Oscar’s default templates use django-compressor but it’s optional really. You may decide to use your own templates that don’t use compressor. Hence why it is not one of the ‘core apps’.

Now set your auth backends to:

AUTHENTICATION_BACKENDS = (
    'oscar.apps.customer.auth_backends.Emailbackend',
    'django.contrib.auth.backends.ModelBackend',
)

to allow customers to sign in using an email address rather than a username.

Set MEDIA_ROOT and MEDIA_URL to your environment, and make sure the path in MEDIA_ROOT exists. An example from the Sandbox site:

PROJECT_DIR = os.path.dirname(__file__)
location = lambda x: os.path.join(
    os.path.dirname(os.path.realpath(__file__)), x)
MEDIA_ROOT = location("public/media")
MEDIA_URL = '/media/'

Verify your staticfiles settings and ensure that files in MEDIA_ROOT get served:

Modify your TEMPLATE_DIRS to include the main Oscar template directory:

from oscar import OSCAR_MAIN_TEMPLATE_DIR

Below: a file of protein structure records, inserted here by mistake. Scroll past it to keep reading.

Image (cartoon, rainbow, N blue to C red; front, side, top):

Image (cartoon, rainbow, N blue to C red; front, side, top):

TEMPLATE_DIRS = (
    location('templates'),
    OSCAR_MAIN_TEMPLATE_DIR,
)

Oscar currently uses Haystack for search so you need to specify:

HAYSTACK_CONNECTIONS = {
    'default': {
        'ENGINE': 'haystack.backends.simple_backend.SimpleEngine',
    },
}

When moving towards production, you’ll obviously need to switch to a real search backend.

The last addition to the settings file is to import all of Oscar’s default settings:

from oscar.defaults import *

URLs

Alter your frobshop/urls.py to include Oscar’s URLs:

from django.conf.urls import patterns, include, url
from oscar.app import application